First graders wear hats with the name of their first-choice college. Credit: Travis Dove for The New York Times
Is Your First Grader College Ready? asks Laura Pappano in the New York Times.
At a rural North Carolina school, Kelli Rigo’s first graders choose colleges and careers, then write applications.
(A) future Harvard applicant wants to be a doctor. She can’t wait to get to Cambridge because “my mom never lets me go anywhere.”
. . . “The age-old question is: ‘What do you want to be when you grow up?’ You always ask kids that,” Ms. Rigo said. “We need to ask them, ‘How will you get there?’ Even if I am teaching preschool, the word ‘college’ has to be in there.”
Rigo was the first — and only — person in her family to complete college.
It took eight years at three institutions in two states. “I was lost,” said Ms. Rigo, who dropped out first semester, aghast to discover textbooks cost $600. “I didn’t have anybody to talk to about that.”
. . . She wants students to know what she did not: the effort, cost and planning required to earn a degree. “They have to understand there are lots of steps, that you can’t all of a sudden be a teacher.”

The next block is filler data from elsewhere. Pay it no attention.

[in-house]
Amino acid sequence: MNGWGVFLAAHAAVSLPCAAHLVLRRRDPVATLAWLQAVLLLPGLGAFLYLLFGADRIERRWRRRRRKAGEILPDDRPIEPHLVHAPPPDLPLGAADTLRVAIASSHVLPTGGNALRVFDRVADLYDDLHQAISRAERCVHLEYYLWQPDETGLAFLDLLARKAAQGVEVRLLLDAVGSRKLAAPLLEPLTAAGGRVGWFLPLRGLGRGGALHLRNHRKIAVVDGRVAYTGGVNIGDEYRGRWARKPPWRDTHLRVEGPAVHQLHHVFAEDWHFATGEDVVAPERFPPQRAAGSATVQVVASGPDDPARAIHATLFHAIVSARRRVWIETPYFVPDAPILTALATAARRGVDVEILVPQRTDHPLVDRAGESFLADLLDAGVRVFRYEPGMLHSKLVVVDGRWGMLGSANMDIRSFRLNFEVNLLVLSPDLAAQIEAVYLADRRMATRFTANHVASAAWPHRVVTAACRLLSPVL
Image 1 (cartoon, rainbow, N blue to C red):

Across the country, “college weeks” are as common as the winter band concert, writes Pappano. Campus tours have become popular field trips for middle and even elementary school kids.
College can help you achieve your dreams, Javier Scott, a University of Maryland student told visiting sixth graders. “When you work hard, more opportunities will open up to you.”
However, the story veers to anxious college-educated parents prepping their tweens for elite colleges. Pappano worries that our “competitive culture . . . has turned wide-open years of childhood into a checklist of readiness skills.”
That’s not an issue for Rigo’s first graders. Getting kids whose parents aren’t college educated to think about where they might go, what they might study and how they might use it to make a living is not the same as pressuring Muffy to build her “resume.”